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Graduate School New Brunswick
 
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Chemical and Biochemical Engineering 155
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  Graduate School-New Brunswick 2005-2007 Programs, Faculty, and Courses Chemical and Biochemical Engineering 155 Programs  

Programs

The graduate program in chemical and biochemical engineering has three major elements: engineering science, applied chemistry, and biochemical engineering. Engineering science includes the transport processes, with an emphasis on mass transfer, thermodynamics, and applied mathematics. Applied chemistry encompasses surface chemistry, applied chemical kinetics, catalysis, synthesis, and properties of polymers, semipermeable membranes, and electrochemistry. Biochemical engineering deals with microbial and enzyme technology, fermentations, applied biochemical kinetics and catalysis, biological separations, and applied molecular biology.

The program combines academic instruction with practical application by stressing student projects. It encourages students to be creative and to show originality in applying basic and advanced chemical and biochemical engineering principles to solve research and design problems. Program participants develop practical applications for industrial processing and for improving environmental quality. At the same time, they gain a better understanding of chemical and biochemical reactions. Research efforts focus on advancing basic scientific theories and developing useful applications.

Master's degree candidates may elect a thesis or nonthesis option. The thesis option consists of a minimum of 30 credits- 24 course credits and 6 credits for a thesis on a research or design problem. In the nonthesis option, a candidate must complete 30 course credits and submit a critical essay. The nonthesis option is suited to the student who has extensive research experience or full-time professional responsibilities in industry. The program for the Ph.D. normally consists of a minimum of 30 credits of course work and 24 to 42 credits of research beyond the B.S. degree. The total number of credits required is 72. The course work for the Ph.D. and M.S. degrees includes the following core courses: chemical engineering analysis; advanced transport phenomena I and II; advanced chemical engineering thermodynamics; and kinetics, catalysis, and reactor design. The master of philosophy degree is available to doctoral candidates. All doctoral students are required to defend their thesis proposal by the end of their second year in the program. Their is no language or residency requirement.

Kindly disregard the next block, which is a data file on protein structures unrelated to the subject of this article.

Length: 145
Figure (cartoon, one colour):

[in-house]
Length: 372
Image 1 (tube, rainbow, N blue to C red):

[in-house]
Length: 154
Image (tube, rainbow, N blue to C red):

Before they complete the program, all students must give an oral presentation on their research or area of interest. There is no language or residency requirement.

Faculty and students in the program are involved in a broad range of research areas. Research in biochemical engineering includes such topics as enzyme and microbial engineering, biomembrane transport theory, plant and insect cell culture, imaging and biosensing, mammalian cell culture, and biomedical engineering. Chemical environmental efforts involve the use of basic chemical engineering principles such as mass, momentum, and energy balances; reactor theory; and system simulation to solve problems of surface water and groundwater quality; advanced biological and physiochemical treatment systems; solid-waste management; incineration; and hazardous substance evaluation and disposal. Pharmaceutical engineering research focuses on such topics as solids mixing, granular materials and particulate suspensions, powder processing, crystallization, and nanopharmaceutics for drug delivery. Alternate fuels research includes enhanced alcohol fermentation and electrochemical engineering, with an emphasis on battery failure analysis. Liquid-liquid extraction, supercritical extraction processes, and flow simulation in mixing processes are examples of mass transfer applications. Work in statistical thermodynamics is an option.

Graduate assistantships and fellowships are available for both first-year and advanced graduate students. Students participating in the research program on a sponsored basis receive a stipend for either a 10-month or a 12-month period and have their tuition remitted. Support usually is associated with sponsoring grants or contracts, and specific information on available projects is provided by the graduate director. It is common for an exchange of information on assistantships or fellowships to occur during consideration of admission when program officials try to identify students' interests.


 
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